I am frequently asked about introducing a new puppy to a senior dog (we will discuss cats another day). There are concerns whether the two will get along. Hopes that the puppy or will bring new energy to an aging pet. Questions about what breed or sex the newcomer should be. We will discuss introduction techniques a bit later.
While we are coming to the conclusion that pets in multipet households tend to live longer and healthier lives, there is a fundamental question that must first be addressed: do you want the responsibility of a second dog? Caring for two is not the same as caring for one, especially considering dogs.
There certainly are social benefits for your dog having a canine companion – they will groom each other and provide friendship when you are not present. They will play with each other and tire themselves out more easily. Puppies will imprint upon the older dog and will learn the rules of the house, reducing training time. And in many cases, the older dog will become more active. An active older dog tends to have less effects from arthritis and other ageing problems, increasing quality of life and possibly, longevity. The puppy will also be housebroken more quickly in many cases. But beware – I’ve also seen the older dog teach the puppy a few dirty tricks as well. Remember that roast that was on the counter? Or that trash can in the kitchen?
Two can be company, but take a few things into consideration. Remember, puppies have lots of energy. It may not be wise to bring home a large breed puppy or a Labrador if you have an aged Jack Russell Terrier or Chihuahua. You certainly do not want to drive the smaller, older pet into hiding, or make them fearful of the new puppy. Then again, I’ve seen the Jack Russell rule the house and bat up the Labrador puppy. Consider introducing a puppy that will be a similar size as your older dog, when fully grown. Also consider similar breed-types: adding a herding dog to a sedentary dog may not go over too well. The size difference is of critical importance when considering Chihuahuas and other delicate breeds. There are some dogs that simply may prefer to be alone. I know a number of such people.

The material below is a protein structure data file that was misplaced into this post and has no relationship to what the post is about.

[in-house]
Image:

It has been suggested that opposite sexes get along better. Personally, I have seen no difference in outcomes with my clients. The good news is that in almost all introductions – even grossly mismatched pairs, the dogs find a happy medium with time.
Introducing a new puppy should be done with care. Do not immediately assume that the older dog will embrace the newcomer. Have separate bowls for each and enforce the rules about which dog eats out of which bowl. When having a new puppy, we generally recommend crate-training. This will help give the older dog a it of peace as well. In some cases it may be of benefit for the older dog to have a quiet area free from the new puppy.